Winter Stations 2017: BuoyBuoyBuoy

Lifeguard stands at the Beaches have been transformed into art installations for the third consecutive year. BuoyBuoyBuoy was one of the competition’s winning designs.

‘BuoyBuoyBuoy’ was designed by a team of artists from Toronto.

Today marked the launch of Winter Stations, a public art exhibition in Toronto’s east end. Over 350 designs were submitted from Canada and abroad, but only eight made the winning cut.

I’ve been speaking to the artists who designed BuoyBuoyBuoy – Dakota Wares-TaniDionisios Vriniotis, and Rob Shostak – to find out more about their installation…

BuoyBuoyBuoy2

“I think the best part is seeing it enlivened with people interacting with it,” said Wares-Tani.

BuoyBuoyBuoy is made up of hundreds of separate units. Cut into the shape of buoys, each unit is either transparent, opaque or reflective. It took the team two days to put the structure together.

“We wanted people to look at this, experience it and think about their memories of water,” said Shostak.

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Dalí Jewels

As a student of art and design in high school and university, I feel ashamed to admit that until recently, I did not know Dalí also created jewellery. I found out when were travelling in Catalonia last December and decided to visit the Dalí Theatre and Museum in Figueres. After elbowing through hoards of tourists at the main museum, entering the Dalí Jewels exhibition (which is located in a separate building) was a tranquil and fascinating retreat.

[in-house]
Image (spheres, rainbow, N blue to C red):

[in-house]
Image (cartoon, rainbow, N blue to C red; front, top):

Unusual motifs are clearly evident in the jewellery Dalí designed: twisted limbs, florally faces, melted clocks, glittery golden hearts, hot pink lips, clusters of grapes/skulls, etc. I admit that I’m a sucker for freakish concepts when it comes to art. But to be honest, I personally wouldn’t be tempted to actually wear any of this jewellery today. Still, I’d argue that all of these pieces are rather timeless; it’s impressive that Dalí started designing them as early as 1941.

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